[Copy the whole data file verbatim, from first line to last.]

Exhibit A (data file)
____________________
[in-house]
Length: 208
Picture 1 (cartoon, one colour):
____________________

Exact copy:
[in-house]
Length: 208
Picture 1 (cartoon, one colour):